Agriculture in Kenya

As an African Union member state, Kenya adopted both the Malabo and Maputo declarations and voluntarily acceded to the CAADP Compact on 24 July 2010. However, implementation has been an arduous task. The reasons hedge on the fact that the agricultural industry in Kenya has been the subject of much contestation. Agriculture is placed at the helm in policy deliberations as it employs about 60% of the total workforce and contributes about 30% to the country’s GDP. Over time, it has been changed from policies advocating the central role of government in management of the industry to those leaning towards a market driven sector, in which, government’s role is minimalistic. The tendency has been to liberalize the industry, but owing to its seminal nature, the government has maintained a regulatory role. This, has unfortunately, been disruptive at times. The results have gradually impacted the role of other stakeholders, the output of the industry and its impact in Kenya’s economy.

A study of the agriculture industry in Kenya reveals that government has faced major challenges in the development of the agricultural sector. There were, however, successes experienced by the Strategy for Revitalization of Agriculture in the implementation of the Agriculture Sector Development Strategy (ASDS) through the Agriculture Sector Coordinating Unit (ASCU) over the years. ASDS served as the original National Agricultural Implementation Policy as prescribed by CAADP. ASCU coordinated the work of ministries and stakeholders to address the challenges experienced by the agricultural sector towards the aspirations of the Economic Recovery Strategy which was formulated by the progressive NARC government which assumed power in 2002. Despite the various developmental strides achieved towards a full implementation of CAADP, progress has stagnated as a result of changes in the structure of government as brought about by the adoption of the new Constitution in 2010.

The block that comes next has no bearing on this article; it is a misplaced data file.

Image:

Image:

The constitution comes as a welcome response to challenges confronting the country especially the question of ethnopolitics and neopatronalism as defined by Migai Aketch1. These involve the usurpation of public resources by the political elite, which they then use to dispense political patronage for purposes of preserving political power. Agriculture has labored under these informal structures, directly affecting the small-scale farmers involved and other minor stakeholders. This could be seen in how the Constitution under article 10 propounds values that guide leadership and formulation of policy such as public participation, democratic ideals, social justice, sustainable development and the rule of law. The decentralization of resources through devolution of counties flows from these principles. To eliminate rent seeking behaviour among the major agriculture stakeholders, loosen the grip of the national state in the industry and encourage the ideals of the new Constitution, devolution of authority, resources and planning is necessary.

However, the advent of devolution casts questions on the implementation of the Maputo and Malabo declaration. ASDS as the National Agricultural Implementation Policy in Kenya would need greater public participation as stipulated in the Constitution. County public participation is now required in addition to deliberations with the national government, donor partners and other stakeholders. One question is how the ASCU will coordinate 6 ministries that are now either directly or indirectly involved with agriculture while involving the County governments in this?